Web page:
How many times have you heard that sugar makes kids hyperactive, or that caffeine will keep you up all night, or that cigarettes make you jittery? Well, research now shows that this is not true for everyone. In fact, it can have the opposite effect on some people and in moderate amounts. No, you’re not necessarily crazy, you’re just different.
There have been at least twelve trials of various diets investigating different levels of sugar in children’s diets. That’s more studies than are often done on new drugs coming to market. None of these studies detected any differences in behavior between children who had eaten sugar and those who had not. These studies included sugar from candy, chocolate, and natural sources. Some of them focused on children with attention deficit hyperactivity disorder (ADHD) and some only included children who were considered “sensitive” to sugar. In all of them, the children behaved the same after eating something full of sugar or something sugar-free. Yet, the myth that sugar makes people hyperactive defies scientific evidence.
Sugar can actually calm kids down. When sugar enters the bloodstream and reaches the brain, it temporarily increases calming neuro chemicals like Serotonin. But sugar isn’t good for you, and corn syrup is even worse, so you have to choose your poison carefully. Dark chocolate is a lot healthier than milk chocolate and can help reduce cortisol levels as well as lower the levels of epinephrine and norepinephrine, which make kids (and adults) anxious and nervous. Chocolate is also rich in Tryptophan, which is a biochemical precursor that helps with the production of Serotonin. So, the next time your kid is bouncing off the walls, why not try giving him a little chocolate to calm him down?
Other good sources of Tryptophan include milk, eggs, Cod and spirulina, but unless your kids are a bit odd, I suggest you just stick with the milk and eggs. So, to get even more bang for the buck, get your kid to eat a real egg before he gets the chocolate egg. Wait, can’t you get milk, eggs and chocolate all together in a piece of dark chocolate cake? I think I’ve found the perfect food!
Like sugar, caffeine and nicotine can also relax some people. Central nervous system stimulant drugs like methylphenidate are used to treat children who suffer from ADHD. Caffeine is also a central nervous system stimulant and thus is being studied as a potential aid for this condition. Some folk medicine treatments for ADHD even recommend combining caffeine and sugar.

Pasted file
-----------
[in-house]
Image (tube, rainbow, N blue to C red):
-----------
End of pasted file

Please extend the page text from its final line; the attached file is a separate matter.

According to an article in the June 2001 issue of “Monitor on Psychology,” caffeine seems to calm hyperactivity and reduce aggressiveness in kids with ADHD. In one analysis of studies reported in the article, caffeine didn’t work as well as traditional ADHD stimulant drugs, but it helped calm hyperactivity better than no treatment at all. Additionally, a 2003 Canadian review of studies published in the journal “Food Additives and Contaminants” noted that caffeine has been used successfully to treat ADHD and has been shown to increase performance by ADHD children in attention tests.
So, to summarize, for those with a fabulous genetic predisposition, the perfect relaxing meal could be either of the following:
- a couple of eggs, a cup of coffee with milk, and a bit of chocolate or
- a piece of dark chocolate cake with a cappuccino
This might even work well for some people at night. Caffeine works by blocking the receptors in the brain that make you feel sleepy, but some people are resistant to that effect. I happen to be one of them. If your brain is resistant to caffeine, then a warm drink of any kind, including coffee, will help relax you and ease you into sleep.
Nicotine is not just a stimulant. It is also a known relaxant, primarily because it increases levels of Dopamine in the brain, a hormone / neurotransmitter that causes sensations of pleasure. Nicotine produces pleasure by attaching to the nicotinic acetylcholine receptor found on certain nerve cells. In response to nicotine, these nerve cells release a chemical signal called glutamate, which tells connected neurons to release dopamine. The more these nerve cells are excited, the more Dopamine is released and the more pleasant the feeling. Unfortunately, Nicotine doesn’t come by itself–and you really don’t want the side effects that come with smoking. Too bad we can’t brew a relaxing cup of nicotine-laced coffee before bedtime.
Evidence like this makes me skeptical of any medical advice the “experts” give that is supposed to apply to everyone. Much of what we are led to believe, even if it is scientific, only applies in some cases or sometimes doesn’t even apply at all to some individuals. Not everyone responds the same way to the same chemicals, hormones, foods, or other environmental factors. So, if something doesn’t feel or seem right, it just might not be right for you. Maybe we should all just listen to Professor Lupin. Eat some chocolate. It’s good for you.
“The mood-enhancing properties of chocolate are well known in both the Muggle and wizard worlds. Chocolate is the perfect antidote for anyone who has been overcome in the presence of Dementors, which suck hope and happiness out of their surroundings. Chocolate can only be a short-term remedy, however. Finding ways to fight off Dementors – or depression – are essential if one is to become permanently happier. Excessive chocolate consumption cannot benefit either Muggle or wizard.”